If You Belong to Christ

Return of the Prodigal Son - Rembrandt
“But the father said to his servants, ‘Quick! Bring the best robe and put it on him."  


Galatians 3:28 There is no longer Jew or Greek, there is no longer slave or free, there is no longer male and female; for all of you are one in Christ Jesus. 29 And if you belong to Christ, then you are Abraham’s offspring, heirs according to the promise.


This passage from Paul’s epistle to the Galatians is frequently quoted and used to remind us of the unity which is found when we belong to Christ. Any barriers that may have existed are to be brought down. The power of prejudice is to be destroyed and a new life is to be found when one belongs to Christ. 

Jerome put it this way, “ When one has once put on Christ and, having been sent into the flame, glows with the ardor of the Holy Spirit, it is not apparent whether he is of gold or silver. As long as the heat takes over the mass in this way there is one fiery color, and all diversity of race, condition and body is taken away by such a garment.” (EPISTLE TO THE GALATIANS 2.3.27–28) What happens is that the former ways in which we identified ourselves are now clothed in Christ. Luther reminds us that Paul always adds his conditional clause, that all are to be “in Christ.” 

Once we belong to Christ then we are to live as children of the promise. We are all God’s children, and this becomes the identifying factor of our lives. 


It seems as if society is constantly struggling with what divides us. We are often asked to tick the boxes of all the ways in which we can be identified — by race, gender, nationality, citizenship, place of birth, county of residence, and household income. We may be asked to identify our religion, and then, if we tick Christianity, we may be asked which type of Christianity! We proudly proclaim that we are Reformed or Wesleyan, Catholic or Anglican, and then divisions just continue to be used as identifiers, ways in which we compartmentalize people. We use them, consciously, or subconsciously to divide us and just maybe, that includes whether we like a particular group or not.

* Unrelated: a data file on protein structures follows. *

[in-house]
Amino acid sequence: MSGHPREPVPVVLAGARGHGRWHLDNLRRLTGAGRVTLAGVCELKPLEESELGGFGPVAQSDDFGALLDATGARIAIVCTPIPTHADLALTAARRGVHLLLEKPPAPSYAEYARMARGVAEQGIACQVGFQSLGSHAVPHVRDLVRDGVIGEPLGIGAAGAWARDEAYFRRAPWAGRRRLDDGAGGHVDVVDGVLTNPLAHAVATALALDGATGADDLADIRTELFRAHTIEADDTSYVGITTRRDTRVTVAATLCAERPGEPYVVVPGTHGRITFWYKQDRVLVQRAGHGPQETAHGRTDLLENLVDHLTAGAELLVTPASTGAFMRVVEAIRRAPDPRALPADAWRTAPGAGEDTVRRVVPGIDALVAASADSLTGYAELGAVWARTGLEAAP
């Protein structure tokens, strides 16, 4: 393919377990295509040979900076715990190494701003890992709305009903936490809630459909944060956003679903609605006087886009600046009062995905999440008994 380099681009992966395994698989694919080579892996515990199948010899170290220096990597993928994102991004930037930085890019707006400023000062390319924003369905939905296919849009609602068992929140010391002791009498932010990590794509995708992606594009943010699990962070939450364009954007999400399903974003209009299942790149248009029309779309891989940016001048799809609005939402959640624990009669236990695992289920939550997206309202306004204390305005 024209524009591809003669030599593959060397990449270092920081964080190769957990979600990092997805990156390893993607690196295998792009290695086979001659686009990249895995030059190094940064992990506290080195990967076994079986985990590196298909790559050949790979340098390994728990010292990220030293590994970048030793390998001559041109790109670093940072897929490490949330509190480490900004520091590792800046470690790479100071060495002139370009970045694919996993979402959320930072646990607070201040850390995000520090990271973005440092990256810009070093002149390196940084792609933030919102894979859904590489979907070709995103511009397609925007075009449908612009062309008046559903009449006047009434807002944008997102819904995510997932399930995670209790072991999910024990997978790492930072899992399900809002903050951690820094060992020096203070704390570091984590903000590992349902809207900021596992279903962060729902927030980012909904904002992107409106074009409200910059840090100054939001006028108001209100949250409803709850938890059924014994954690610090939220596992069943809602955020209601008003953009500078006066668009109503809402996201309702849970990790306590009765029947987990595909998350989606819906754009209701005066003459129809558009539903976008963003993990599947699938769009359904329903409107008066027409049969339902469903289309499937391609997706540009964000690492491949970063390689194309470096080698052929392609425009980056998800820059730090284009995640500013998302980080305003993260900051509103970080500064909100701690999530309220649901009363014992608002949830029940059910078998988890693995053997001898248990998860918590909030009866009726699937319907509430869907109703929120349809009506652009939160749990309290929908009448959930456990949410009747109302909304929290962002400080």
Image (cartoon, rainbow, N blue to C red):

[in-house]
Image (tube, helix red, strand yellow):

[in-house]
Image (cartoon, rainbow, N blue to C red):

The message of the gospel was radical in Paul’s day, and it is today, for “in Christ” all of those barriers are supposed to be destroyed. I love the way that Jerome put it because the vision of being clothed in a new garment is beautiful. The identifier is no longer that I am a Jew or Greek, male or female, employee or supervisor — but we are all brothers and sisters when we are united to, or cloaked in Christ. Belonging to Christ is always the transforming factor. 

If I belong to Christ, the ways in which I identify myself just may change for the most important becomes Christ. What people see in my actions and behaviors ought to be the new clothing that I wear that reflects Christ. I am not defined by my nationality, my gender or my status in society but I am now defined by belonging to Jesus. 

This “belonging” is very unifying for in this participation with Christ, we are suddenly brought together in holy communion both with God and with one another. This is the mystery that we celebrate when we celebrate the Lord’s supper together for it is a reminder of humanity’s communion with God and with each other. It is the great reminder that we belong to Christ and this reorients every part of our lives. It’s why at church on a Sunday morning, men and women, doctors and their patients, anglos and hispanics, former drug addicts and church executives can all come to the table and be one in God’s family. 

If you belong to Christ, then all things are new. We are clothed in the beauty of Christ, reflecting him in the glorious diversity of the kingdom of God. If I belong to Christ, I identify with Jesus and this becomes the overwhelming focus of my life. 


Lord, please help me to live into this new life every single day. May the temptation to create human divisions be overcome by the presence of your Holy Spirit. Amen. 


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